Care Partners Unite to "SHUSH" Parkinson's
The strangest thing happened. Again. What is a Parkinson's Disease care partner to do when an unwanted visitor returns night after night and hides in the dark shadows of her bedroom quietly waiting to attack the love of her life in his sleep? When instead of friendly neighbors and family, your house guest becomes none other than a lurking Freddy Krueger, first stirring you awake with his dystonia, mumbles eventually erupting into violent curses, until finally you fall victim to a deadly attack like just another Nightmare on Parkinson's Street! So, again I ask: What does this care partner do? Well,... after waking up (again), perching on the precipice of our large king size bed (again), I roll over facing my PD "Freddy" hubby, and do the only thing that is safe and prevents me from being captured in his conflict.
I let out one big "shush!"
And it works! Much like a two-year-old making a racket in church, a simple "Shush!" and instantly the physical struggle stops, his cursing transforms into a quiet sigh, and gently he falls back to sleep. How crazy is that?!? "SHUSH!"
In the dark of the night
Initially, I felt pretty alone in the night. Awake again after another one of Freddy's visits to our house on Hott Mountain. Frankly, it also feels pretty lonely the next day too. Trying to cope with work and kids after you drudge your way through the day with interrupted nights of, well,... nightmares. Harder still for your care partner as he struggles with less than an effective regime of medications which seem to barely help when he can not rest. Not the safest formula for a fella with Parkinson's Disease.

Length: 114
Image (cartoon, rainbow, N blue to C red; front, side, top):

The last month has been especially difficult, and frustrating. (Frankly, it pisses me off.) You see, the Veteran's Administration screwed up his meds at his last visit which delayed the delivery of the very drug therapy which helps him sleep: clonazepam. His doctor prescribes this to help with the sleep problems related to Parkinson's Disease. Without his nightly dose, the nightmares regularly returned, until the prescription finally arrived.
And just like the "SHUSH" dispelling another crazy dream, when the clonazepam returned, the nightmares stopped.
Little humans and big humans
Honestly, I haven't a clue why a simple "shush" worked to bring my husband back to a peaceful bedroom. I was merely searching for a physical free interruption. Maybe raising four babies, I just had plenty of practice "shushing" tiny humans. Funny a "shush" works on my big human too.
Care Partners, let's unite! Maybe a "shush" will work for your big human too!
Do you or a loved one use smartphone apps to help with PD management?